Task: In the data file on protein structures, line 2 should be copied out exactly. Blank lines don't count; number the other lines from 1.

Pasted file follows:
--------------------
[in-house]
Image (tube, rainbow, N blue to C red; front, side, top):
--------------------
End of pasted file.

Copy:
Image (tube, rainbow, N blue to C red; front, side, top):